It’s Labor Day, and some of you may be planning to relax with a movie today.
Well, here are five cinematic oldies, from the 1970s, that you ought not to bother with. They are all crapola. Aside from the odor, they have a few other things in common.
All were hailed by the critics, said to be really swell films, and some are still praised even today (which makes me wonder about movie critics). All were major films, not made to be the second feature at a drive-in. And all are 100% Godless. Come to think of it, their Godlessness might be the one thing that makes them worth pondering: as in “This is where your mind winds up when you have no consciousness of God.”
Anyhow, here they are. And if someone insists on trying to show one of these to you, call the police.
1. Carnal Knowledge, 1971. One of the most inconsequential movies ever made. There’s so little to it, that the Wikipedia article about the movie needs only four lines to tell you the whole plot. Four lines! But there’s not much more you can say about a crowd of unhappy pseudo-intellectuals having sex and not even enjoying it. I haven’t been able to verify reports that a number of people in the audience were turned to stone while watching this turkey.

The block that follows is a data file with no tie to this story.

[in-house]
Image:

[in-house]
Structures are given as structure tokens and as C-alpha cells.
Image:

2. The Hospital, 1971, and Network, 1976: flat-footed tie. Both feature ham-fisted, club-you-over-the-head screenplays by Paddy Chayevsky. If you like getting bawled out for a couple hours, you might enjoy these movies. Pure overrated drivel.
3. Wizards, 1977. This sometimes-animated feature-length cartoon by Ralph Bakshi (it alternates with stills and voice-overs: I never understood why), is one of the great Tolkien rip-offs of all time. They also stole footage from Sergei Eisenstein’s Alexander Nevsky, thus proving how inadequately the Soviet Union protected its creative artists’ rights. No kidding–they lifted whole sequences from Nevsky. If this bomb doesn’t put you off fantasy, nothing will.
4. Annie Hall, 1977. Here is the point at which Woody Allen gave up making people laugh and devoted the rest of his life to pompous, sophomoric twaddle. This romance between a neurotic and an airhead is sort of a two-hour-long Dr. Phil segment. If you don’t have anything better to do than to watch this, you need to get a life.
5. Five Easy Pieces, 1970. When it comes to pretentious hogwash, this is the granddaddy of them all. It’s supposed to be a tragedy. But they keep piling misery on top of agony on top of shame until, instead of empathizing with the characters, you laugh at them. One critic says this is the movie that proved Jack Nicholson was a great actor. Don’t listen to him, he’s crazy.
Space fails me to discuss such monuments of cinematic rubbish as M.A.S.H., or One Flew Over the Cuckoo’s Nest, or Getting Straight, or Tommy–whoa, I feel my breakfast threatening to bolt for the exit.
So, folks… anything else you would’ve liked me to put on this lists? Feel free to speak up! Let us together unearth the treasures of idiocy.